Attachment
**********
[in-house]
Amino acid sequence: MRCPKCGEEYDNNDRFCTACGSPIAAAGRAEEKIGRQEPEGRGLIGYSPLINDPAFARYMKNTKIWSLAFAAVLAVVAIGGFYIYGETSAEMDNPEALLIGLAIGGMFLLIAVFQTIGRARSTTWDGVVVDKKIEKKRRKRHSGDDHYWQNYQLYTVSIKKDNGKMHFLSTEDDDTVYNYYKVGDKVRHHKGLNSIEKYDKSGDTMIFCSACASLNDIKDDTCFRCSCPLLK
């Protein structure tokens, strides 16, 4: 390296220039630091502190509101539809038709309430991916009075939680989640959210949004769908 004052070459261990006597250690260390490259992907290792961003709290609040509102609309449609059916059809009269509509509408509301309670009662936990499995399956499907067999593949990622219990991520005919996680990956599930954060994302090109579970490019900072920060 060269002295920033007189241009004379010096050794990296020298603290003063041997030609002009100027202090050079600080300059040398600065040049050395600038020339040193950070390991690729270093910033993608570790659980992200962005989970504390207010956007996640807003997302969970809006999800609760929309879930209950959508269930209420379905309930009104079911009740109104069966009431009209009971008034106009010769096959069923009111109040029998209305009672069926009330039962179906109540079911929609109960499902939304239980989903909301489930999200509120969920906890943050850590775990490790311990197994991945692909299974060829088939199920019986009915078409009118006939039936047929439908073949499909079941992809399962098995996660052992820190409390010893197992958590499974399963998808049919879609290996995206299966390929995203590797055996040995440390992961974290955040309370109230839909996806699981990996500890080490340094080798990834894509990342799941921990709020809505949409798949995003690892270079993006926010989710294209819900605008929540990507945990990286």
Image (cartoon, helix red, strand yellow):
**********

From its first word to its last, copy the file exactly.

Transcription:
[in-house]
Amino acid sequence: MRCPKCGEEYDNNDRFCTACGSPIAAAGRAEEKIGRQEPEGRGLIGYSPLINDPAFARYMKNTKIWSLAFAAVLAVVAIGGFYIYGETSAEMDNPEALLIGLAIGGMFLLIAVFQTIGRARSTTWDGVVVDKKIEKKRRKRHSGDDHYWQNYQLYTVSIKKDNGKMHFLSTEDDDTVYNYYKVGDKVRHHKGLNSIEKYDKSGDTMIFCSACASLNDIKDDTCFRCSCPLLK
């Protein structure tokens, strides 16, 4: 390296220039630091502190509101539809038709309430991916009075939680989640959210949004769908 004052070459261990006597250690260390490259992907290792961003709290609040509102609309449609059916059809009269509509509408509301309670009662936990499995399956499907067999593949990622219990991520005919996680990956599930954060994302090109579970490019900072920060 060269002295920033007189241009004379010096050794990296020298603290003063041997030609002009100027202090050079600080300059040398600065040049050395600038020339040193950070390991690729270093910033993608570790659980992200962005989970504390207010956007996640807003997302969970809006999800609760929309879930209950959508269930209420379905309930009104079911009740109104069966009431009209009971008034106009010769096959069923009111109040029998209305009672069926009330039962179906109540079911929609109960499902939304239980989903909301489930999200509120969920906890943050850590775990490790311990197994991945692909299974060829088939199920019986009915078409009118006939039936047929439908073949499909079941992809399962098995996660052992820190409390010893197992958590499974399963998808049919879609290996995206299966390929995203590797055996040995440390992961974290955040309370109230839909996806699981990996500890080490340094080798990834894509990342799941921990709020809505949409798949995003690892270079993006926010989710294209819900605008929540990507945990990286």
Image (cartoon, helix red, strand yellow):